Alleging that the district applied the incorrect legal standard during the manifestation determination review, the student claimed that the district should have assessed whether his conduct merely “bore a relationship” to his ADHD. The court rejected this argument. It pointed out that while Section 504 does not include guidelines for manifestation determination reviews, a district’s “compliance with the procedural safeguards of the IDEA is one means of meeting [Section 504’s] evaluation requirement.” In this case, the evidence showed that the district appropriately followed its evaluation procedures, which mirrored the procedural safeguards outlined in the IDEA regulations, by assessing whether the student’s misconduct “had a direct and substantial relationship” to his disability.
What This Means For You: The term “manifestation determination” does not appear in the regulatory language of Section 504. Instead, Section 504 requires that a local educational agency (“LEA”) conduct a reevaluation before making any “significant change in placement.” 34 CFR § 104.35(a). The Office of Civil Rights (OCR) interprets Section 504 as requiring a manifestation determination review in connection with disciplinary actions that constitute a significant change in placement. Unlike IDEA, the Section 504 regulations do not specifically establish procedural safeguards that must be provided when a district disciplines a student with a disability. Rather, Section 504 requires LEAs to establish such procedural safeguards. LEAs that comply with the procedural safeguards already required under the IDEA for disciplining students eligible under Section 504 will ensure fulfillment of their obligations established under Section 504.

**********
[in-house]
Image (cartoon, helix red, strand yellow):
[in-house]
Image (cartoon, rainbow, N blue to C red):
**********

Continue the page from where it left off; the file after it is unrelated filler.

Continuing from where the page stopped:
On June 1, 2017, the U.S. Department of Education released a new website regarding the Individuals with Disabilities Education Act (IDEA), located at https://sites.ed.gov/idea/.
On the new website the Department of Education expands the available information and resources in a searchable format. The search function will now prioritize results to bring the most recent statutes and regulations to the forefront, while still providing access to all relevant policies, “Dear Colleague” letters, memorandums, and FAQ documents.
Furthermore, the new website includes categorical breakdowns of resources for specific audiences, including resource pages for educators, service providers, parents and families, and grant seekers/recipients. The website also includes links to the Office of Special Education Programs (OSEP), Office of Special Education Rehabilitative Services (OSERS), and state IDEA contacts.
Finally, the updated website includes an expanded “topic areas” page which brings together resources regarding 29 different issues, such as Child Find, Bullying, Least Restrictive Environment, and IEPs.
For those who became comfortable and familiar with the old IDEA .ed.gov website, the Department of Education will continue (but not update) the legacy page as it continues to refine the new website.
In 2012, studies of student cell phone ownership and use revealed that approximately 78% of all Americans aged 12–17 years had a mobile phone and 37% had a smart phone. These numbers have no doubt risen in the 5 years since this particular study was conducted. Considering this almost universal usage, information contained on a student’s cell phone is often sought in investigations of student misconduct. In fact, the California Legislature is currently considering Assembly Bill 165 which, if approved, would significantly broaden a local educational agencies ability to access a student’s cell phone if suspected of a suspendable or expellable offense. However, school administrators should carefully consider the potential privacy implications before searching a student’s cell phone.